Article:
Life if full of mystery and beauty but also tragedy and loss. Millions of people live with problems of pain. Millions of homes are filled with questions and moments and seasons and cycles that try to rob us the joy our life is supposed to be. We know that pain is very real. But we need to suggest that hope is real... and that help is real.

It needs to be known that rescue is possible, that freedom is possible, that God is still in the business of redemption and renewal. We can see it happen. We can see lives change as people get the help they need. People sitting across from a counselor for the first time. People stepping into treatment. In desperate moments, people calling a suicide hotline. We know that the first step to recovery is the hardest to take. We want to say here that it's worth it; that your life is worth fighting for, that it's possible to change.The movement behind TWLOHA has a vision.
The vision is that community and hope and help would replace suffering and secrets and silence.
The vision is people putting down guns and blades and bottles.
The vision is that we can reduce the suicide rate in America and around the world. That we can heal those who harm themselves.
The vision is that we would learn what it means to love our friends and that we would love ourselves enough to get the help we need.
The vision is better endings.
The vision is the restoration of broken families and broken relationships.
The vision is people finding life, finding freedom, finding love.
The vision is graduation, a wedding, a child, a sunrise.
The vision is people becoming incredible parents, people breaking cycles, making change.

The vision is the possibility that your best days are ahead.

The vision is the possibility of the realization that we're more loved than we'll ever know.

The vision is hope, and hope is real.

You are not alone, and this is not the end of your story.

If you need help, tell someone. If you don't have resources, you can find them here.
If you want to help you can donate, buy a t-shirt, attend an event, organize a walk or just write love on your arms.
Most important of all, love a friend... and let them know it.

You can read all about the TWLOHA movement here.

I have scars on my arms
from hurts of the past...
today those scars are covered with love.

Let's cover others with that as well.
(and yes, I got the kids in on it as well.)


Ryan said...


denise said...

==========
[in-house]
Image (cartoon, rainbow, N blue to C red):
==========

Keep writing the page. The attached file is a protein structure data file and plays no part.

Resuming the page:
Thanks for sharing! You are a strong person. The hardest part is to ask for help! But we all need help at some point or another in our life.

Mom said...

I'll love you forever...

Nicole said...

I never knew this about you. :( I knew about the depression... not the cutting. I am so glad you linked to these sites. What an awesome thing to support... I'm buying a shirt today. (PS... what size did you get??)

I have struggled on and off since my teenage years with depression... nothing actually diagnosed but I've had very very devastating thoughts at times throught my life. As a teen I asked to be put into counseling because I didn't know what was wrong with me... I didn't know why I hated myself... why I wanted to die... why I couldn't be "happy". But, like you said, I felt like I could mask it easily on the outside... it was the struggle on the inside I was dealing with that was so scary. I still go into bouts now and then... nothing as terrible as when I was a teen (although when I was pregnant with Hudson I had some very awful thoughts, very depressed hopeless way of thinking about life). Sometimes its just hard to ask for help.


Anonymous said...

Thanks for sharing your story! That took a lot of courage.

I love TWLOHA...such an amazing organization. My SIL told me about it a few years ago. I need to go order a tee!

Ellemes said...

Thank you for sharing this.

Heather S. said...

Thanks for being vulnerable to us.

K.M.L said...

Love you Heather...thanks for sharing your story to others. Miss ya!

Peggy said...

Thanks so much for sharing that story... brought tears to my eyes! Funny how in high school we get so into our own worlds we don't know our friends as well as we think... Miss you! I LOVE that you had that conversation with your kids! You are an amazing mom!

Christy said...

This is an awesome post! Love you and so appreciative for your open and honest words. You are an amazing woman!